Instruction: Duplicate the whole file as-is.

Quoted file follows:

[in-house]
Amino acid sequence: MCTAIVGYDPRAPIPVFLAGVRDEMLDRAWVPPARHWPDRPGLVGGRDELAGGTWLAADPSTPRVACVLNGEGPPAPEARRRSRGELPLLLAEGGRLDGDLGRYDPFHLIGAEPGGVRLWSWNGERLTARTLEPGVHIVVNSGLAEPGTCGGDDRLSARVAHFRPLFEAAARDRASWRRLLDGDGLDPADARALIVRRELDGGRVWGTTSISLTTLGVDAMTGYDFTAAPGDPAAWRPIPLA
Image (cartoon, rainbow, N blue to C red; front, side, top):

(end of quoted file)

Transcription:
[in-house]
Amino acid sequence: MCTAIVGYDPRAPIPVFLAGVRDEMLDRAWVPPARHWPDRPGLVGGRDELAGGTWLAADPSTPRVACVLNGEGPPAPEARRRSRGELPLLLAEGGRLDGDLGRYDPFHLIGAEPGGVRLWSWNGERLTARTLEPGVHIVVNSGLAEPGTCGGDDRLSARVAHFRPLFEAAARDRASWRRLLDGDGLDPADARALIVRRELDGGRVWGTTSISLTTLGVDAMTGYDFTAAPGDPAAWRPIPLA
Image (cartoon, rainbow, N blue to C red; front, side, top):